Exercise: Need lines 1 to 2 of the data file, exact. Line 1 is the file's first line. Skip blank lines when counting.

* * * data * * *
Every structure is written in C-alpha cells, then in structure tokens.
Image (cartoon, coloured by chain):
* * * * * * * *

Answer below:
Every structure is written in C-alpha cells, then in structure tokens.
Image (cartoon, coloured by chain):